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Malnutrition: UNICEF urges health workers to promote, support breastfeeding



The United Nations Children’s Fund (UNICEF) on Wednesday urged health workers in Kaduna State to protect, promote and support breastfeeding as an effective strategy toward preventing malnutrition among children under five years.

Mrs Chinwe Ezeife, the Nutrition Specialist, UNICEF Kaduna Field Office, made the call at a one-day training of health workers in the state on Breastmilk Substitute (BMS) Code and its compliance.

The training was organised by the State Primary Health Care Board (SPHCB) in collaboration with the National Agency for Food and Drug Administration and Control (NAFDAC).

The training was supported by A global nutrition initiative, Alive & Thrive (A&T) under its Maternal, Infant and Young Child Nutrition (MIYCN) programme in Nigeria.

Ezeife said that the health workers can support, protect, and promote optimal breastfeeding practices by adherence to the Code on marketing of BMS products, particularly at health facilities.

She said that UNICEF was supporting the state government through the SPHB to implement the Baby Friendly Initiative (BFI), designed to protect, promote, and support breastfeeding among mothers.

She described the BMS Code and the BFI as two sides of a coin initiated to ensure optimal breastfeeding practices for the nutritious and healthy wellbeing of infants and children under five years.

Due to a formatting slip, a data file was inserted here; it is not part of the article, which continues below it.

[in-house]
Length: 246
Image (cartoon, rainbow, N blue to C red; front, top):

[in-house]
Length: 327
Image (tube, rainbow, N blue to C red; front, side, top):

According to her, breast milk is supreme to all BMS products no matter how they are being marketed and promoted, as such, health workers should support mothers to optimally breastfeed their infants.

“Health workers need to know the provisions of the BMS Code and understand their role in supporting mothers to practice breastfeeding effectively.

“The health workers need to inform, help, and show mothers how to practice optimal breastfeeding beginning with early initiation of breastfeeding and exclusive breastfeeding for the first six months.

“This is because breastfeeding must be practiced in a certain way to get its full benefits and health workers have a critical role to play.

“This will keep pregnant and lactating mothers informed and equip them with sufficient knowledge on how to breastfeed effectively at the community and households’ levels.”

The nutrition specialist reiterated UNICEF commitment to partner with the state government and relevant stakeholders in promoting the wellbeing of women and children.

She commended the SPHCB, Alive & Thrive and NAFDAC for organising the straining, which she described as strategic in winning the war against malnutrition in Kaduna State.

On her part, Mrs Ramatu Haruna, State Nutrition Officer, SPHCB, also called on health workers to provide accurate information to caregivers to enable them practice optimal MIYCN.

Haruna also said that the health workers have a duty of helping mothers to practice early initiation of breastfeeding, exclusive breastfeeding, and age-appropriate complementary feeding after six months.

“Health workers equally have a duty of protecting mothers from promoters of BMS which are superior to the nutritional content of breastmilk which provide all the nutrients and minerals a baby needs,” she said.

Philip Daniel Yatai

NEWSVERGE, published by The Verge Communications is an online community of international news portal and social advocates dedicated to bringing you commentaries, features, news reports from a Nigerian-African perspective. A unique organization, founded in the spirit of Article 19 of the Universal Declaration of Human Rights, comprising of ordinary people with an overriding commitment to seeking the truth and publishing it without fear or favour. The Verge Communications is fully registered with the Corporate Affairs Commission of the Federal Republic of Nigeria as a corporate organization.



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